The prophet Jeremiah said, “I am burdened with sorrow and feel like giving up.” (8:18 Contemporary English Version)
Grief has a way of coming to us. Sadness eventually knocks at our door. If we live long enough, there is no escaping it.
When President Calvin Coolidge was finishing his term in office, his advisers wanted him to run again in the 1928 election. He declined by saying, "When my only son died, it took all the glory out of the presidency."
The deeper the wound, the longer it takes to heal. How long does one grieve the loss of a parent, a child, a spouse, a close friend? The answer is simple: you grieve as long as you need to.
When I think of tragedy and grief, I think about an incident in the life of another president, Theodore Roosevelt. As a young man, he had the most horrible day that anybody could imagine. His mother and his wife died on the same day.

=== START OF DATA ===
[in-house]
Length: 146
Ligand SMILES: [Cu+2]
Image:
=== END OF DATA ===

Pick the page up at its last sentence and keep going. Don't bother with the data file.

He wrote these words in his journal on February 14, 1884: “The light has gone out of my life. For joy or sorrow, my life has now been lived out.” But he was wrong. Over time, God brought healing to his life. He went on to become one of the great leaders of the last century.
I am so thankful today that God will do that for us. God is especially near to those with a broken heart. The Psalmist wrote, “God heals the brokenhearted and binds up their wounds.” (147:3)